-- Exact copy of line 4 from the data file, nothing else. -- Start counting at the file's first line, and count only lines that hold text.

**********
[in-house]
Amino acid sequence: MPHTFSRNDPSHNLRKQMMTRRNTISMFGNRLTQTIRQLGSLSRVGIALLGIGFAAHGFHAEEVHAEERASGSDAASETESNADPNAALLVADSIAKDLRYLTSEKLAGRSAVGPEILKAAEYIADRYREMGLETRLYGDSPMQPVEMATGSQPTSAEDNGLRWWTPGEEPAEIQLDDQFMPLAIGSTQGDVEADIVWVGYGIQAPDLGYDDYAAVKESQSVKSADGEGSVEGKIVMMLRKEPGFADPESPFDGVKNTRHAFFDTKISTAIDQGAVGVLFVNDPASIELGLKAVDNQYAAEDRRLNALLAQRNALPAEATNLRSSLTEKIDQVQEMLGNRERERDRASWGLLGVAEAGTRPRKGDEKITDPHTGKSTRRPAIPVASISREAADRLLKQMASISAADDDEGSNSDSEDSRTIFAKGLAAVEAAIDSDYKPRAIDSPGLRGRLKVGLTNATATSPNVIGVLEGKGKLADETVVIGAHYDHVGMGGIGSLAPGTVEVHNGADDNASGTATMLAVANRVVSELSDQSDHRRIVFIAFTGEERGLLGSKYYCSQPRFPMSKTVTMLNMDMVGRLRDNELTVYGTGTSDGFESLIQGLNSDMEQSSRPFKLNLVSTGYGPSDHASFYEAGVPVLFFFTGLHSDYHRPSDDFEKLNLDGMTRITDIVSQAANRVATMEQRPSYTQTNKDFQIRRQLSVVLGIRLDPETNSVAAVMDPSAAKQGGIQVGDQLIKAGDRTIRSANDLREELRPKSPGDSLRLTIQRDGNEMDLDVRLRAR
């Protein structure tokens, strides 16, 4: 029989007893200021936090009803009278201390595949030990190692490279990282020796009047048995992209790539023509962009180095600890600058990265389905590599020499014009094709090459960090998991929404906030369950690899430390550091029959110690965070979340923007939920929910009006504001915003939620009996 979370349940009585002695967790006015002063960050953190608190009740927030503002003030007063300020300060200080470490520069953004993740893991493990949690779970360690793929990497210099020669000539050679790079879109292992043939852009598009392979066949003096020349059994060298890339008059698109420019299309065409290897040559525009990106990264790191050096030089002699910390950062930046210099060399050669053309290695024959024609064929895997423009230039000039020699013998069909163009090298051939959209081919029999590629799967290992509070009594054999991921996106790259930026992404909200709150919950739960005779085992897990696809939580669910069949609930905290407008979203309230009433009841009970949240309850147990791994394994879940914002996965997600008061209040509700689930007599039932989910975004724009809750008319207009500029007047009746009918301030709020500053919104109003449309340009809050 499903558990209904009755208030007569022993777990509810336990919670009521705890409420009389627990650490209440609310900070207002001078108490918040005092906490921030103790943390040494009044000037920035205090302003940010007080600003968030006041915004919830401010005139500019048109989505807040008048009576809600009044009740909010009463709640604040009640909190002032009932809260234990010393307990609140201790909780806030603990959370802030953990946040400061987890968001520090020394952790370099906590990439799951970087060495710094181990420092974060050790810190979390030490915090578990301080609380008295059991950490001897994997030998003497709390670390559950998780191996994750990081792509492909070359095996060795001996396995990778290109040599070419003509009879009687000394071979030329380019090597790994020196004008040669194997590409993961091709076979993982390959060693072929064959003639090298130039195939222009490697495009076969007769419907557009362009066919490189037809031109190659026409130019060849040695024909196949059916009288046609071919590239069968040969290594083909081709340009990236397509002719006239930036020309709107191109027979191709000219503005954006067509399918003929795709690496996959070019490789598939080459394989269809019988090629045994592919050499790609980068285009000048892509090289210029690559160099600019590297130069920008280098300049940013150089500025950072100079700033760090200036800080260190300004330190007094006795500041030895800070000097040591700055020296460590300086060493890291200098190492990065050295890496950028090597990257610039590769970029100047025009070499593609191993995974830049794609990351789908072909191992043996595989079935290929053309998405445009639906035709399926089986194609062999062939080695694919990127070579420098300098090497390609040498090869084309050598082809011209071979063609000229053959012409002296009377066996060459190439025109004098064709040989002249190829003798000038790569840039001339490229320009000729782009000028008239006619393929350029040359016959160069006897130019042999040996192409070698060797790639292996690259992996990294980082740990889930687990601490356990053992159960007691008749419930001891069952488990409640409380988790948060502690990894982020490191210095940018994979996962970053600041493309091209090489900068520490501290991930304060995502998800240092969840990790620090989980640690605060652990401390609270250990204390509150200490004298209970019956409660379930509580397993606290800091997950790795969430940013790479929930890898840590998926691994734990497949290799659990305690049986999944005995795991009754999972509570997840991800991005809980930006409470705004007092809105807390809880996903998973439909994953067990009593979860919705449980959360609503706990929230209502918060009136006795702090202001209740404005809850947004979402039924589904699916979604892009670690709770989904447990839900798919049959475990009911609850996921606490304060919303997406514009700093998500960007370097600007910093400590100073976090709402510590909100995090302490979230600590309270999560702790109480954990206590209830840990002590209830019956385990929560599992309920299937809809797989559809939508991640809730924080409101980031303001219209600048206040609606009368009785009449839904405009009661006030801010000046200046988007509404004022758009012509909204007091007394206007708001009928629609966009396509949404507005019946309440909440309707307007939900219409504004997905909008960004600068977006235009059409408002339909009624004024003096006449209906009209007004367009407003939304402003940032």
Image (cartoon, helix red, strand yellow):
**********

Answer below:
Image (cartoon, helix red, strand yellow):